Rescuers of Jews

Šmidas (Schmid) Anton

Anton SCHMID (1900–1942)
Shot on 13 April 1942 in Vilnius

“Ich habe ja nur Menschen geretten...” (“I merely rescued people...”)
From Schmid’s parting letter to his wife and his daughter

Born in Vienna, Anton Schmid was drafted to the German army after the annexation of Austria by the Reich. In June 1941, Feldwebel Schmid was appointed the head of the Vilnius distribution station at the railway. He would register German soldiers that had fallen behind their units and send them back to the frontlines. Moreover, Schmid was in charge of the workshops where uniforms were made and machinery fixed. Schmid was allowed to pick experts from the ghetto by himself. Ghetto prisoners soon perceived the Feldwebel’s exceptional sympathy towards them – Anton Schmid would issue yellow Scheins for the sick and the weak. Sometimes he even managed to get an “expert” from the Lukiškės prison. Feldwebel Anton Schmid knew who was marked for extermination and would transport the ghetto prisoners to other cities, where Jew extermination actions had not yet started. About 300 people were taken from the Vilnius Ghetto in an official truck and employed in Voronov and Białystok factories. Writer Hermann Adler with his wife, who had escaped from the ghetto, lived in Schmid’s apartment, which was located in the same building as the distribution station, Geležinkelio St 15, Vilnius. Members of the ghetto resistance organisation and contact persons between Vilnius and Warsaw ghettos used to meet in the same place.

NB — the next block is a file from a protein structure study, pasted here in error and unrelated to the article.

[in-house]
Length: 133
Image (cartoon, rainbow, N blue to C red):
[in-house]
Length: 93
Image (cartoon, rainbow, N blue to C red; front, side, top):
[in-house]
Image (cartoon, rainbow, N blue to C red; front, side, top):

Death lurked for the Feldwebel in every step. In the second half of January 1942, Anton Schmid was arrested. Court-martial pronounced the sentence on February 25 – Anton Schmid was to be shot for treason of the Reich by helping the Jews.
He was executed on 13 April 1942 in Vilnius.
Anton Schmid was buried in a nameless grave in the 1914–1918 cemetery of German soldiers in Antakalnis neighbourhood.
8 May 2000, during the ceremony of renaming of the Rendsburg air defence training centre after Anton Schmid, Germany’s Defence Minister Rudolf Scharping said: “We are not free to choose our history, but we can choose the examples we take from that history.”

Anton Schmid’s story was published in an anthology Žydų muziejus, ed. Dalija Epšteinaitė, 2001, and in the 4th book Hands Bringing Life and Bread, 2009
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